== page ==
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Old 11-24-2012, 10:16 PM   #5 (permalink)
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awe, poor zola.
I can say to try and sit down with her eye level and instead of trying to play catch or throw balls you can start petting her and kissing her, giving belly rubs and etc! build a bond, then maybe after she loosens up you can show her how to catch.

you adopted her a WHILE ago, so I have no clue what to do. I feel so bad !

But you dont need a clicker, I never used one.. you can simply rewards her with treats after showing her love :P hopefully that works..
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Old 11-24-2012, 10:37 PM   #6 (permalink)
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The reason I recommend a clicker (a marker word can also be used, but a lot of people find the clicker easier at first) is that the dog gets instant feedback. In my experience, it builds confidence much more quickly than less focused training. Your dog learns exactly what you want, while also learning that failing to figure that out right away isn't going to earn punishment. It's just a very clear form of communication. Dogs like having clear boundaries, and also positive encouragement. That's what gives them confidence.

I do agree though that the big thing is just spending low-pressure, positive time with the dog, with a lot of rewards. Honestly, even if you just sit there feeding her treats, you're probably going to progress. I think biking with her is actually a really great thing to do, because you guys are spending time together doing something she loves (running) without a whole lot of pressure on her, so it's just a fun thing to do with you. I think if you keep that up, you'll eventually get the relationship you want with her.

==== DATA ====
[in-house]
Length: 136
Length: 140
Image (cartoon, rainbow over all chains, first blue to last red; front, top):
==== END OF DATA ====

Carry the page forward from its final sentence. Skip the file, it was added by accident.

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Old 11-24-2012, 10:40 PM   #7 (permalink)
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You are right! I did hear the clicker is a lot smoother training wise, Never got it though :P but I do the clicking sound with my mouth LOL!

You are also right with the "even feeding treats is showing progress" DEFINITELY agree
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Old 11-25-2012, 10:03 AM   #8 (permalink)
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I also agree with using a clicker. It's very neutral and only means one thing. Whereas our voice (even if we aren't aware of it) can be LOUD, angry, happy, disappointed, confused......... many things and most can be negative with a sensative dog who may have been abused.

From the start, the clicker is ONLY good, only positive and we have to shut up when doing the training. So removes so much of the stress the dog may be feeling no matter all our good intentions.

Happy happy fun working with and around your pup when your dog is ALWAYS right, ALWAYS being rewarded, ALWAYS set up to be brilliant is such a confidence booster for the dog. And puts you in the wonderful position of being the treat/fun giver.

Great information ---> Clicker Training the Rescue Dog - The Dog Zone

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Old 12-12-2012, 05:15 PM   #9 (permalink)
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Thanks everyone for the advice. I really haven't changed much just kept petting her and feeding her treats. She has improved dramatically. Her confidence seems to be drastically improved. She will play fetch with me now and i can teach her things without her cowering and peeing all the time. Shes more protective of the house. Shes still perfect with my little dog they play all the time and she is surprisingly gentle with him and great with kids. It's been 6 months now i guess she just needed time. I got very lucky shes a great dog.